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Québec Law 25

Data Privacy and Third-Party Risk Management

Québec Bill 64 is a law passed in 2021 to modernize the Canadian province's Private Sector Act and improve personal data protection standards. One key provision of the bill is Law 25, which includes requirements that govern the collection, use, and communication of personal information and empowers Québec's data protection authority – the Commission d'accès à l'information du Québec – to enforce requirements such as conducting privacy impact assessments before transferring personal data outside the province.

Canadian authorities implemented the data protection requirements of Law 25 in stages in September of 2022 and 2023, with additional enforcement set to begin in September 2024.

Applicable to any entity established in Québec and/or doing business in Québec that is collecting, using, or disclosing personal information of individuals located in the province, the law enforces penalties ranging from CAD10 million or 2% of global turnover up to CAD25 million or 4% of global turnover for violations.

Organizations doing business in Québec should evaluate their existing third-party data protection practices to determine whether current processes are compliant with the law.

Relevant Requirements

  • Govern the collection, use, and disclosure of personal information of individuals located in Quebec

  • Conduct mandatory privacy impact assessments (PIAs) for the transfer of personal information outside of Quebec

  • Include mandatory provisions within all outsourcing contracts (e.g., third parties)

Align Your TPRM Program with CCPA, GDPR, HIPAA and More

Download this guide to review specific requirements from 6 data privacy authorities, identify TPRM capabilities that map to each requirement, and uncover best practices for ensuring compliance.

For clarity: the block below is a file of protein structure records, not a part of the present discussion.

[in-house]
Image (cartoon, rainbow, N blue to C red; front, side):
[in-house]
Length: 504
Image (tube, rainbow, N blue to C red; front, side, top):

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Québec Law 25 TPRM Requirements

The table below summarizes select provisions in Law 25 that pertain to third-party data protection, and how the Prevalent Third-Party Risk Management (TPRM) Platform can help address the requirements.

Note: The information presented in this table is a summary of Law 25 requirements and therefore must not be considered comprehensive legal guidance. Please consult the full text of the law and your organization’s legal counsel to determine the best course of action for your company.

Select Québec Law 25 Requirements Third-Party Risk Management Best Practice

Effective September 22, 2022

In the event of a confidentiality incident involving personal information:

a. Take reasonable measures to reduce the risks of harm to the affected individuals and prevent similar incidents from occurring again.

b. Notify the Commission and the affected individual if the incident poses a risk of serious harm.

c. Maintain a record of incidents, a copy of which must be provided to the Commission upon request.

Respond to, report on, and mitigate the impact of third-party vendor data protection incidents by centrally managing vendors, conducting event assessments, scoring identified risks, correlating against continuous cyber monitoring, and accessing remediation guidance. Key capabilities in your third-party incident response program should include:

  • Continuously updated and customizable event and incident management questionnaires
  • Real-time questionnaire completion progress tracking
  • Defined risk owners with automated chasing reminders to keep surveys on schedule
  • Proactive vendor reporting
  • Consolidated views of risk ratings, counts, scores and flagged responses for each vendor
  • Workflow rules to trigger automated playbooks to act on risks according to their potential impact to the business
  • Guidance from built-in remediation recommendations to reduce risk